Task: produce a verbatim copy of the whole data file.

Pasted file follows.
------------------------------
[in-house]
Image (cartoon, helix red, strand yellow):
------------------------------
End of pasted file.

[in-house]
Image (cartoon, helix red, strand yellow):